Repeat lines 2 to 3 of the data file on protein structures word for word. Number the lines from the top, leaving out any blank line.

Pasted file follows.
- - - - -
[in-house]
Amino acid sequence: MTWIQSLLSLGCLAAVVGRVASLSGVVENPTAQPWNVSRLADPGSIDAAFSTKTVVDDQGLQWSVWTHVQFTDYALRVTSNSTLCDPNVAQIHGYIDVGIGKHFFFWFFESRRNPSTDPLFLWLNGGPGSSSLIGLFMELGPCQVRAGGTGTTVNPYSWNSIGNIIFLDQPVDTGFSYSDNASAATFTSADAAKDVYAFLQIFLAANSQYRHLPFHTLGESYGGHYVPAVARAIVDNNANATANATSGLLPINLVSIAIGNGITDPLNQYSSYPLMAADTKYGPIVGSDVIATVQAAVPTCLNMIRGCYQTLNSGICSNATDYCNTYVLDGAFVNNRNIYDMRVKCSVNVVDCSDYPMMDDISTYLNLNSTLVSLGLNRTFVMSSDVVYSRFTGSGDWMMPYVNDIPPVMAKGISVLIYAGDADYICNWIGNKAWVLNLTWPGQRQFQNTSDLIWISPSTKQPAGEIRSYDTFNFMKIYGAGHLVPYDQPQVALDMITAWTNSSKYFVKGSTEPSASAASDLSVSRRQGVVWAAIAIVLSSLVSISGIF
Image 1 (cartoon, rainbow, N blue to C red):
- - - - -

Amino acid sequence: MTWIQSLLSLGCLAAVVGRVASLSGVVENPTAQPWNVSRLADPGSIDAAFSTKTVVDDQGLQWSVWTHVQFTDYALRVTSNSTLCDPNVAQIHGYIDVGIGKHFFFWFFESRRNPSTDPLFLWLNGGPGSSSLIGLFMELGPCQVRAGGTGTTVNPYSWNSIGNIIFLDQPVDTGFSYSDNASAATFTSADAAKDVYAFLQIFLAANSQYRHLPFHTLGESYGGHYVPAVARAIVDNNANATANATSGLLPINLVSIAIGNGITDPLNQYSSYPLMAADTKYGPIVGSDVIATVQAAVPTCLNMIRGCYQTLNSGICSNATDYCNTYVLDGAFVNNRNIYDMRVKCSVNVVDCSDYPMMDDISTYLNLNSTLVSLGLNRTFVMSSDVVYSRFTGSGDWMMPYVNDIPPVMAKGISVLIYAGDADYICNWIGNKAWVLNLTWPGQRQFQNTSDLIWISPSTKQPAGEIRSYDTFNFMKIYGAGHLVPYDQPQVALDMITAWTNSSKYFVKGSTEPSASAASDLSVSRRQGVVWAAIAIVLSSLVSISGIF
Image 1 (cartoon, rainbow, N blue to C red):